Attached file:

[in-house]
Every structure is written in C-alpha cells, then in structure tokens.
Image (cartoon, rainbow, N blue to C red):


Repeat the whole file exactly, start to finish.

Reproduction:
[in-house]
Every structure is written in C-alpha cells, then in structure tokens.
Image (cartoon, rainbow, N blue to C red):